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Medicines take biggest bite out of family health budget

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Australians paid an average of $1100 on out-of-pocket health expenses in 2011-12, with the major share being spent at pharmacies on medicines, medical aids and appliances.

Doctors, by contrast, held medical costs down, with patients forking out an average of just $131 for medical services in 2011-12 – up just $2 from the previous financial year – and accounting for less than 12 per cent of overall out-of-pocket spending on health care.

The figures were contained in a national snapshot of health expenditure compiled by the Australian Institute of Health and Welfare, which found that, overall, health is consuming a steadily increasing proportion of the nation’s wealth.

In 2011-12, total health spending reached $140.2 billion, a 7.6 per cent jump from the previous year, and accounted for 9.51 per cent of gross domestic product – up from 8.4 per cent a decade earlier, reflecting the growth in demand for medical care from an ageing population, as well as the proliferation of increasingly effective but expensive drugs, equipment and treatments.

More telling for those with the task of managing the Federal Budget, the AIHW has for the first time reported on health spending as a proportion of tax revenue.

Its figures show that, in the seven years leading up the global financial crisis in late 2008, health spending as a proportion of Commonwealth tax revenue hovered between 21.4 and 22.4 per cent before jumping to almost 29 per cent in 2009-10 as the economic upheaval battered tax collections while leaving demand for health care untouched.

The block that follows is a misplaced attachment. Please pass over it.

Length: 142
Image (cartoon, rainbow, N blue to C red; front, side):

The ratio has eased lower since then, down by 0.6 of a percentage point to 26.4 per cent in 2011-12, but remains well above pre-GFC levels.

In a discomfiting outlook for the Government, there seems little prospect of a return to the speed of tax revenue growth experienced through the early to mid-2000s, suggesting that health expenditure is going to continue to consume a hefty share of taxes collected.

The report shows that spending on public hospitals grew by $2.1 billion in real terms in 2011-12, with little shift in how the burden was shared between the Commonwealth and the states.

In an insight into where the burden of out-of-pocket health expenses for families lies, the AIHW report shows that more than 39 per cent of such spending was for medications (amounting to an average of $358 per person), followed by 19 per cent for dental care, 11.9 per cent for medical services, 10.1 per cent for medical aids and appliances, and 7.8 per cent for other practitioner services.

Adrian Rollins